Jason Roseberry, Director of eLearning for Five-Star Technology. Unlike so many speakers who highlight the barriers to digital education, Jason did a great job of focusing on solutions. An expert on professional development, he pointed out the need to embed good professional development within the context of teaching and learning, rather than relying on stand-alone sessions.
A full house of educators joined Scott 2 teachers, Chris Routt and Beth Walton to explore uses of Pinterest in the classroom. They shared photo journals, content projects and evidence of learning. Mollie, a Scott 2 student, also joined the presentation to show how she was able to evidence her learning around a famous American by pinning a board on Amelia Earhart. Mollie shared this was a more interesting way to share her learning. Pinterest is a great place to connect with other educators and share great ideas for teaching and learning. Look for more ideas on #digi13 and our own Pinterest boards.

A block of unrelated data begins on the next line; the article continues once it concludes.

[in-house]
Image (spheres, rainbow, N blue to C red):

Yancy Unger shared some great ideas about school change by comparing the way we think about competence to other fields, sharing some clips from Gordon Ramsay's show Kitchen Nightmares. Seeing how some restaurant owners were unable to hear criticism and recognize their own shortcomings, it is easy to imagine how difficult it is for us in education to own inadequacies in our practice. Yancy pointed out that this overestimating of our own capacity, and underplaying our weaknesses actually has a name and field of study: Illusory Superiority.
Micah Heath, Principal of Vienna-Finley Elementary School, shared how he uses a school Twitter account to share pictures and video of student activities. In parallel, he also maintains a Vienna-Finley Facebook page and Pinterest Board. His tweets and posts go a long way toward connecting parents to the school and informing them about events where they can get involved. Micah also shared some great Twitter resources like 7 ways to get more out of Twitter and 100 Scientists 140 characters away.